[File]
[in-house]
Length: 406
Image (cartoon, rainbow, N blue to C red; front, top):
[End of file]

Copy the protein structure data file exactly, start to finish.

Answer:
[in-house]
Length: 406
Image (cartoon, rainbow, N blue to C red; front, top):